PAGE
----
Game Development Reference
where dampe k is a positive constant that determines how strong the damper is. As
with the spring force, the force damper
is experienced by the particle at P , and the
F is experienced by the particle at Q .
In order to finely tune the behavior of our cloth, we can choose different
spring and damper constants for the different types of connections in the cloth.
For example, we might use a large spring constant for the long springs connect-
ing particles two grid points apart to make the cloth highly resistant to bending.
It's important not to go too high, however, because strong springs have a tenden-
cy to introduce unwanted vibration into the simulation.
15.2.2 External Forces
If all of the particles in our cloth are initially placed so that all of the springs have
their rest lengths, then nothing would ever move in our cloth simulation. In order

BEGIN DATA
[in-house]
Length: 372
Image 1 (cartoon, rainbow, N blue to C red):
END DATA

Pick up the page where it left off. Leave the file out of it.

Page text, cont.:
to see some animation, we need to apply some external forces, the most obvious
of which is gravity. Each particle in the cloth experiences a force
where m is the mass of the particle, and g is the acceleration of gravity (which
would normally be
After gravity, the most common force applied to a cloth is due to wind, or
more precisely, the difference between the velocity of the cloth and the velocity
of the air. For a particle at the point P where the unit normal direction to the cloth
is N , the force due to the wind is given by
9.8 m s
Here, W is the velocity of the wind, and win k is a constant that controls how
quickly the wind accelerates the cloth, which is an adjustable parameter that
could depend on factors such as the heaviness of the air or whether any air blows
through the cloth. The dot product with the normal causes the force to be greatest
when the wind direction is perpendicular to the tangent plane of the cloth and
least when the cloth is nearly aligned to the wind direction. We take the absolute
value because it doesn't matter which side of the cloth that the wind strikes.
For each particle in our cloth, we store a three-dimensional position and a three-
dimensional velocity. We animate our cloth by updating the positions and veloci-
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